Humidity, Condensation, Clouds and Precipitation

Humidity, Condensation, Clouds and Precipitation

This article deals with ‘Humidity, Condensation, Clouds and Precipitation’ This is part of our series on ‘Geography’ which is important pillar of GS-1 syllabus . For more articles , you can click here

Humidity

  • Water vapour present in the air is known as humidity. 
  • It is expressed quantitatively in different ways like 
Actual Humidity Actual amount of the water vapour present in the atmosphere.
Relative Humidity The ability of the air to hold water vapour depends entirely on its temperature. The percentage of moisture present in the atmosphere as compared to its full capacity at a given temperature is known as the relative humidity .
Specific Humidity Ratio of weight of water vapour to weight of dry air.
Vapour pressure Part of barometric pressure that is caused by water vapour alone.
  • The air containing moisture to its full capacity at a given temperature is said to be saturated. It means that the air at the given temperature is incapable of holding any additional amount of moisture at that stage.
  • The temperature at which saturation occurs in a given sample of air is known as dew point.

Evaporation & Condensation

1 . Evaporation

  • Evaporation is a process by which water is transformed from liquid to gaseous state.
  • It can occur in three conditions
    • High temperature
    • Low Pressure conditions
    • Fast moving wind

2. Condensation

  • Condensation is process of conversion of water vapours present in air into water droplets .
  • Condensation is caused by the loss of heat. When moist air is cooled, it may reach a level when its capacity to hold water vapour ceases. Then, the excess water vapour condenses into liquid form.
  • Condensation takes place:
    • When the temperature of the air is reduced to dew point  or When moisture is added to the air  
    • Surface : Which may be natural like grass etc (making dew) or Hygroscopic Surface/ Nuclei

3. Sublimation

  • If water vapour directly condenses into solid form, it is known as sublimation.

Dew, frost, fog and clouds

After condensation, the water vapour or the moisture in the atmosphere takes one of the following forms — dew, frost, fog and clouds.

1 . Dew

  • When the moisture is deposited in the form of water droplets on cooler surfaces of solid objects such as stones, grass blades and plant leaves, it is known as dew.
  • The ideal conditions for its formation are calm air, high relative humidity, and cold and long nights.
  • For the formation of dew, it is necessary that the dew point is above the freezing point (otherwise frost will form) .

2. Frost

  • Frost forms on cold surfaces when condensation takes place below freezing point (0 C).

3. Fog

  • When temperature of an air mass containing a large quantity of water vapour falls all of a sudden below dew point, condensation happens and subsequent cloud  is formed at ground level. This is known as fog.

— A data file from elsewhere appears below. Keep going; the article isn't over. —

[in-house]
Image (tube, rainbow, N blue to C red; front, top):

• Fogs are mini clouds in which condensation takes place around nuclei provided by the dust, smoke, and the salt particles.
Radiation fog Associated with temperature inversion & formed at cold night when temperature of air near ground falls below dew point .
Most common type in winter season.
Frontal fog When cold air masses converge against warm humid air masses , cold air being heavy remains at bottom while warm air is pushed over leading to cooling & formation of fog
Famous fog of Newfoundland is formed like this.
  • In fog, visibility is less than 1 km.

4. Smog

  • Fog + Smoke = Smog.
  • In urban and industrial centres, smoke provides plenty of nuclei which help in the formation of fog . Such a condition when fog is mixed with smoke, is described as smog.
  • It is associated with very low visibility and health hazard.

There are two type of Smog

a . Sulphurous Smog

  • Aka London Smog
  • Results from high concentration of Sulphur Oxides in the air caused by use of Sulphur containing fossil fuels , particularly Coal .
  • Occur in cool humid climate
  • Chemically reducing hence called reducing smog
  • Characterised by blue coloured skies aka blue haze.

b. Photochemical Smog

  • Occurs in warm, dry & sunny climate
  • Results from the action of sunlight on unsaturated Hydrocarbons & oxides of Nitrogen produced from factories and automobiles.
  • Chemically Oxidising and hence called Oxidising Smog
  • Ozone, PAN (Peroxyacetyl Nitrate), Acrolein & Formaldehyde are produced in it which can cause serious health problems .

5. Mist

  • The only difference between the mist and fog is that mist contains more moisture than the fog.
  • In mist, each nuclei contains a thicker layer of moisture.
  • Mists are frequent over mountains as the rising warm air up the slopes meets a cold surface.
  • Visibility is more than 1 Km but less than 2 km.

Visibility Comparison : Mist > Haze  > Fog > Smog.

6. Cloud

  • Cloud is a mass of minute water droplets formed by the condensation of the water vapour in free air at considerable elevations.
  •  As the clouds are formed at some height over the surface of the earth, they take various shapes

Clouds

  • Clouds are tiny water droplets suspended in the air formed due to the condensation.
  • To understand the nomenclature of Clouds, one must be aware of the meaning of some Latin words.